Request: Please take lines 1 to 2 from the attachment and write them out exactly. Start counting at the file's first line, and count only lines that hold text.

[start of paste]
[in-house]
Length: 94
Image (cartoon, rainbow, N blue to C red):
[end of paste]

[in-house]
Length: 94